“See above, regarding nightmare,” Bob said. “Kemmler was a necromancer, Harry. Power over the dead. He had truck with demons, too, was buddies with most of the vampire Courts, every nasty in Europe and some of the uglier faeries, too. Plus he had his own little cadre of baby Kemmlers to help him out. Apprentices. And thugs of every description.”
“Damn,” I said.
“Doubtless he was,” Bob said. “They killed him pretty good. A bunch of times. He’d shown up again after the Wardens had killed him early in the nineteenth century, so they were real careful the second time. And good riddance to the psychotic bastard.”
I blinked. “You knewhim?”
“Didn’t I ever tell you?” Bob asked. “He was my owner for about forty years.”
I stared. “You worked with this monster?”
“I do what I do,” Bob said proudly.
“How did Justin get you, then?”
“Justin DuMorne was a Warden, Harry, back at Kemmler’s last stand. He pulled me out of the smoldering ruins of Kemmler’s lab. Sort of like when you pulled me out of the smoldering ruins of Justin’s lab when you killed him. Circle of life, like that Elton John song.”
I felt more than a little tiny bit cold. I chewed on my lip and laid my pencil down. I had the feeling the rest of this conversation was not going to be something I wanted to create a written record of. “So what is the Word of Kemmler, Bob?”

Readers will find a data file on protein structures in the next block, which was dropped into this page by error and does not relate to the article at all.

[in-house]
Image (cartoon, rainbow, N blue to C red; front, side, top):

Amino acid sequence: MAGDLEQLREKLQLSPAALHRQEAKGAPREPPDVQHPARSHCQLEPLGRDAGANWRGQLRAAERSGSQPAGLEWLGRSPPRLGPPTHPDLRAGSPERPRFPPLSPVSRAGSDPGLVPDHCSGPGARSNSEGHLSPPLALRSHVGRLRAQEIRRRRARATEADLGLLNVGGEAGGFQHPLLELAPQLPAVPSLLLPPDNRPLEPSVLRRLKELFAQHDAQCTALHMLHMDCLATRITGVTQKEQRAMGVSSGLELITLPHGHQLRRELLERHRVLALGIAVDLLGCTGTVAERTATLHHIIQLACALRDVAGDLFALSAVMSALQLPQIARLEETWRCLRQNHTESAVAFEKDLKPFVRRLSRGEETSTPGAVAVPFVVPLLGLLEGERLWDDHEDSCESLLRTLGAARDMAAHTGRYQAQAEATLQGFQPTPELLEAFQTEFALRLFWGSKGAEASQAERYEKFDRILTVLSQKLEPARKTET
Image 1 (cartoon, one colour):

“Not a clue,” Bob said.
I glowered. “What do you mean, not a clue? I thought you were his skull Friday.”
“Well, yeah,” Bob said. His eyelights flickered suddenly, a nervous little dance. “I don’t remember very much of it.”
I snorted out a laugh. “Bob. You never forget anything.”
“No,” Bob said. His voice shrank into something very small. “Unless I want to, Harry.”
I frowned and took a deep breath. “You’re saying that you chose to forget things about Kemmler.”
“Or was compelled to,” Bob said. “Um. Harry, can I come out? Just inside the lab? You know, while we talk.”
I blinked a couple of times. Bob was full of mischief on the best of days. I didn’t let him out except on specific intelligence-gathering missions any more. And while he often pestered me to let him out on one of his perverted mini-rampages, he had never asked permission to leave his skull for the duration of a chat. “Sure,” I told him. “Stay inside the lab and be back in the skull at the end of this conversation.”
“Right,” Bob said. A small cloud of glowing motes of light the size of campfire sparks came sailing out of the skull’s eyes and darted to the far corner of the lab. “So anyway, when are we going to work on the new blasting rod?”
“Bob,” I said. “We’re talking about the Word of Kemmler.”